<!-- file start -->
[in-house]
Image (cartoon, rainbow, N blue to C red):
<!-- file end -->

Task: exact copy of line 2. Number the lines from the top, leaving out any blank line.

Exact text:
Image (cartoon, rainbow, N blue to C red):